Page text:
Last night saw the first performance of a run of eleven in Against the Grain Theatre’s revival of their 2013 hit Figaro’s Wedding. It’s essentially the same show. Director/librettist Joel Ivany has made a number of tweaks and updates but the main differences lie in what the singers bring to their characters.
Last night at the COC there was a special performance of Puccini’s La Bohème. The cast was made up, for the most part, of current and past Ensemble Studio members and tickets had been made available free to a variety of community groups. It was billed as “Opera for Toronto”. There had also been a small number of tickets available on line on a first come basis and, by the looks of things , a fair number of comps for the cast.
Afarin Mansouri giving an introductory talk in Farsi – Credit: Gaetz Photography
Lauren Eberwein and Rachel Kerr put on a rather different show in the RBA at lunchtime. The musical component consisted of Ravel’s Jeu d’eaux and Messiaen’s Poèmes pour Mi. The surprise was that Lauren painted on a canvas on the floor throughout the performance. She brought on two palettes of acrylics and used her hands and feet to create a large abstract on the broad theme of “water”. Needless to say, she ended up covered in paint.
No big surprises in the announcement of new members of the COC Ensemble Studio. It’s the three prize winners from last year’s Centre Stage; tenor Matthew Cairns, bass-baritone Vartan Gabrielian and mezzo-soprano Jamie Groote. Also joining is pianist and intern coach Alex Soloway. Cairns and Groote are UoT grads and are well known to many Toronto opera goers through their appearances in UoT productions and elsewhere. Gabrielian is a Toronto native but studied at the Curtis so is not so well known. It will be interesting to get to know him.
New COC Ensemble Studio members (l – r): tenor Matthew Cairns, bass-baritone Vartan Gabrielian, mezzo-soprano Jamie Groote, pianist and intern coach Alex Soloway
Here are a few more February items of interest in addition to those mentioned here. Tapestry’s new piece Hook Up opens on January 30th at Theatre Passe Muraille and runs for most of February. Then on Sunday 3rd February at 2.30 pm VOICEBOX have a performance of Schubert’s rather rare opera Fierrebras. Kevin Mallon conducts the Aradia Ensemble for this one. Also there’s Opera Pub as usual on Thursday 7th February.
On February 16th at Gallery 345 at 8pm there will be an Against the Grain presentation of Poulenc’s La Voix Humaine. The “twist” here is that Elle becomes Lui and will be sung by tenor Jacques Arsenault. Topher Mokrzewski at the piano. Aria Umezawa directs the first in what is planned as a series of “twisted” concerts.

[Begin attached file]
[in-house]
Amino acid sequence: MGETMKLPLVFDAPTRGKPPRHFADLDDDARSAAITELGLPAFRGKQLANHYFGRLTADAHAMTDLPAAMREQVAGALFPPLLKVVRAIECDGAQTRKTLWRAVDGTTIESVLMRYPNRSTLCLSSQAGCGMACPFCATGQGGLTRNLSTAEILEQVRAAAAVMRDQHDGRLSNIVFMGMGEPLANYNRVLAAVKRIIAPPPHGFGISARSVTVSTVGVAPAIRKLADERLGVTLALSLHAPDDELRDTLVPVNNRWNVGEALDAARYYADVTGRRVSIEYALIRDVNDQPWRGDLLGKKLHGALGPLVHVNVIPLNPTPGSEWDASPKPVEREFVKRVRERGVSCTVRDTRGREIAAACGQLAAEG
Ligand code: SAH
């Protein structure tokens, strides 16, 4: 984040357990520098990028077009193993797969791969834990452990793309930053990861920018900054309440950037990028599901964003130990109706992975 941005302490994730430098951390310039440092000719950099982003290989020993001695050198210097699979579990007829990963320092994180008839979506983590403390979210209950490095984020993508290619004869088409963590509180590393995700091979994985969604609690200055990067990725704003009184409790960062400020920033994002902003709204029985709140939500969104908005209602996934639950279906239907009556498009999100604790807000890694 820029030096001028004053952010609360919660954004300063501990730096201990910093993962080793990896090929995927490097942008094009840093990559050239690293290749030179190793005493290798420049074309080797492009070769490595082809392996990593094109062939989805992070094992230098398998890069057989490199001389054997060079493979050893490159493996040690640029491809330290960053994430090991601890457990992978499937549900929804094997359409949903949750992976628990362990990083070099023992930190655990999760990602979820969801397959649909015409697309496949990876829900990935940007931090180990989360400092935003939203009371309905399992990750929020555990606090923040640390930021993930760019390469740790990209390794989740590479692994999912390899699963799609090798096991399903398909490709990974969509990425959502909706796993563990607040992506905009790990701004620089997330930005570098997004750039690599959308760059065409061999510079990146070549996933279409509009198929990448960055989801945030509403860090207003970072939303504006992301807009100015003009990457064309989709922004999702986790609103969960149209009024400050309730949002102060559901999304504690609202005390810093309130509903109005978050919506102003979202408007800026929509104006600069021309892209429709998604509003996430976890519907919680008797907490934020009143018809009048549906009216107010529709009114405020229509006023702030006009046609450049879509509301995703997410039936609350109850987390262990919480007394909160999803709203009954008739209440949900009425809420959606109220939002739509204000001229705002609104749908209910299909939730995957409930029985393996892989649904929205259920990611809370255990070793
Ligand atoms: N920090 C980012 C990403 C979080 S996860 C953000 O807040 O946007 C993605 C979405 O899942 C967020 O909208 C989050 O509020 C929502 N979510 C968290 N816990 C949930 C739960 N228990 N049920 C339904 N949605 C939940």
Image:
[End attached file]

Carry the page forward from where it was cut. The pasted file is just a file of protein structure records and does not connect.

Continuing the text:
In free concert news there’s the Quilico Prize competition on February 11th at 5.30pm in the RBA. Once again the members of theEnsemble Studio compete for cash. At the nnon hour there’s Susan Bullock and Liz Upchurch on the 19th with a programme of Wagner, Strauss and Duparc and on the 20th there’s Samuel Chan and Stéphane Mayer with an all Schubert programme. Then on the 21st there’s Lauren Eberwein and Rachel Kerr with a Messiaen and Ravel show. Given that it’s the Jessye Norman Gala on the 20th as well I think I’ll just schlep my sleeping bag over to the Four Seasons Centre.
Also at the COC of course Elektra continues until February 22nd with Così fan tutte opening on February 5th and running until the 23rd.
The full Ensemble Studio was on display yesterday for an all Russian lunchtime concert. First up was Megan Quick with a couple of Rachmaninov songs. Megan’s timbre is very dark and it seems to be a natural fit for those Russian vowels. She was followed by Bruno Roy with a couple of Tchaikovsky numbers. He’s come on a lot in his time in the Studio. There’s some heft to the voice now and some quite impressive top notes. Good stuff.
Yesterday at noon we had the traditional season opening performance by the COC Ensemble Studio in the RBA; the Meet the Young Artists concert. There were two new singers and a new pianist joining six members returning from last year. First up was Danika Lorèn with Deh vieni non tardar. I think I’ve run out of new things to say about Danika. It’s all there; a very easy upper register, interesting colours and a growing degree of artistic assurance. I just want to see her on the big stage. Stéphane Mayer was at the piano with his usual sympathetic elegance. He really is rather good!